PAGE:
LUX: You have a lot more competition now. How has that affected things? Do you get irritated by imitators?
Sven Koch: Competition is good, it keeps you on your toes and pushes you to keep evolving. When new restaurants open in competition with us we generally feel it for the first month or so. Customers love to try the latest new thing and we do see a small downturn in business which is always a little difficult to deal with, but they soon return to us, which is a testament to the quality of our product and our team.
Ha! Do we get irritated by imitators?… Good question! I must be honest; it is irritating when you see another restaurant directly ripping us off, it happens regularly that I go to another restaurant, open the menu and its surprisingly so familiar! I always just think: why don’t you make it your own? Be a bit creative, work a little harder – fundamentally I think it’s a very lazy approach.
LUX: Are we facing a speed bump or a new paradigm?
Sven Koch: 2020 has been a difficult year to say the least and things have certainly shifted but I would love to think this a speed bump and we are approaching as such. We are pushing ahead with plans, albeit a bit more cautiously from a budget perspective. Between Zuma, ROKA and Oblix, we aim to open in excess of 15 new locations in the next 3 years.
LUX: What cities or countries would you like to be in, which you are not in currently?
Sven Koch: As I mentioned we have substantial expansion plans in the not too distant future and are looking at sites in Europe such as Paris, Cannes, Saint Tropez, Monaco, Madrid and Capri, and further afield in Cabo, Mexico, and Morocco… I don’t think that leaves much left! From a personal perspective, I would love to open something in Germany – as would Rainer [Becker] – given that it’s our home country but so far, the right opportunity hasn’t presented itself. Watch this space!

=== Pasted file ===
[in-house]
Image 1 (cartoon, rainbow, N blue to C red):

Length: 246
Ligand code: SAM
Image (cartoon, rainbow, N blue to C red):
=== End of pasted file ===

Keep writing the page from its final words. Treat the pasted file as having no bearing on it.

LUX: How do you and Rainer Becker share duties?
Sven Koch: We don’t really share duties to be honest, we have never sat down formally and assigned roles as it has always been a lot more natural and organic than that.
Obviously, Rainer created the restaurant concepts and he is still heavily involved in the creative side of things including the food and design. I tend to take care of the day to day running of the company including the expansion and growth. We are very collaborative however and always tend to bounce ideas off each other.
LUX: What has been your greatest challenge, and how did you overcome it?
Sven Koch: For sure Covid-19 has been the biggest challenge both personally and professionally. The pandemic has hit everyone hard and its devastating to see people’s families effected and being so hard hit financially. As a business we are working hard to ensure we can bring as many members of staff back into the business as possible. It really is a frightening time.
Find out more: azumirestaurants.com